14/10/2013, by CLAS

Alice Munro: Nobel Laureate

‘It was anarchy she was up against – a devouring muddle.  Sudden holes and impromptu tricks and radiant vanishing consolations.’ (Alice Munro, Open Secrets)

The award of the Nobel Prize to Canadian short story writer Alice Munro (b. 1931) has been greeted with pleasure by admirers from around the globe. Munro’s artistry is appreciated equally by ordinary readers and by fellow writers. It is rare for any author to achieve a world-class reputation based on a single genre—particularly the short story, so often under-rated as a lesser form. Munro’s œuvre amply demonstrates just how emotive, nuanced and compelling this form can be. Critics note that her ‘short’ stories have in fact become longer and increasingly complex with the passage of time. Episodic, shifting unexpectedly across time and place, the gaps and omissions are as telling as the content, and her stories typically close with a coda or afterthought seemingly unrelated to the central incident, twisting the narrative in new and unexpected directions. Munro illuminates ‘the other side of dailiness’ (‘Royal Beatings’) – the dark underside of domestic life, the disjunction between public and private personae, the flashes of insight when things which are normally hidden suddenly become visible. My personal favourites from Munro’s seemingly inexhaustible canon come from the heart of her career – classics like ‘Meneseteung’ (Friend of My Youth), a ‘frame story’ juxtaposing the obscure life of a nineteenth-century ‘poetess’ with the unnamed contemporary woman who narrates the story, or ‘A Wilderness Station’ (Open Secrets), a gothic ‘murder mystery’ that plays tongue-in-cheek with that most (stereo)typical of themes: survival in the backwoods of Canada. Like any prestigious award, the Nobel Prize confers instant recognition, increasing the cultural capital of its recipient. At least in this instance, the consensus seems to be that the accolade is well deserved. It can only be a good thing if more people now come to know and love the work of Alice Munro as a result of this honour.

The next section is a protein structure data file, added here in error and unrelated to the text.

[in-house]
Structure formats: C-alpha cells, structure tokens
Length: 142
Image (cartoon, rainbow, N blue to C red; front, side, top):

Susan Billingham, Associate Professor in Canadian Studies

Photo: Matthew Allard

Posted in American and Canadian Studies